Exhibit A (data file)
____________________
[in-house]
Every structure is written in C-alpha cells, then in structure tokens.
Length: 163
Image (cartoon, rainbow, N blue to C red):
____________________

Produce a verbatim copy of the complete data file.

[in-house]
Every structure is written in C-alpha cells, then in structure tokens.
Length: 163
Image (cartoon, rainbow, N blue to C red):